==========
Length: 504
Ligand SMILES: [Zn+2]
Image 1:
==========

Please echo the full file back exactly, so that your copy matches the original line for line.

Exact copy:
Length: 504
Ligand SMILES: [Zn+2]
Image 1: